Choosing between Dogmatism or Denial
November 9, 2009
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It seems as though the .NET developer community is becoming more polarized regarding their thoughts on the value of Unit Testing. I see it as a split between those that are dogmatic about Unit Testing, and those that are in denial that it has any long term value.
Some of this was spurred on by Cashto’s “It’s OK Not to Write Unit Tests” post, but I think that sentiment has been brewing for quite some time and it just hadn’t properly been put into words.
I think Cashto had some valid points and that in certain instances, Unit testing and TDD can become cumbersome. In my opinion, the following would need to be true to get away with not Unit Testing.
- You have the final say on which features go into your software and your customers can handle losing features between releases.
- Your software addresses a niche with a small customer base.
- You have nothing but highly skilled developers working on the code.
While some may consider these three conditions to be unrealistic, there are certain small lean startups or small consulting projects that can operate under these assumptions.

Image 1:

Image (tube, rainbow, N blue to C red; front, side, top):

The problem with the .NET community’s reaction to cashto’s post was that the dogmatic individuals immediately dismissed it and the ones in denial unconditionally embraced it. The dogmatic strictly believe in a test first methodology, and are quick to dismiss any notion of the contrary. The irony is that their dogmatic attitude is reactionary to the “no testing” attitude previously espoused by many in the community, especially those most closely associated with Microsoft. Those individuals who fully embraced cashto’s post and cried “Unit Testing is Dead” are the ones most often in denial that never really gave it a chance. These individuals may have dipped their toes into Unit Testing years ago and quickly gave up without putting enough initial effort or seeing any results.
For those of us who fall in the middle, the path has become unclear. The dogmatic approach can be off putting, especially when faced with the often harsh attitudes of those espousing it. Staying in denial, however, is not an option for those who have been in the trenches and seen more than a few nasty bugs caught with good unit tests.
I have chosen to look outside the .NET community and see how the Rails community has dealt with this issue. I suspect that many of the disagreements are actually more technical in nature than most people realize. More on this in a future post.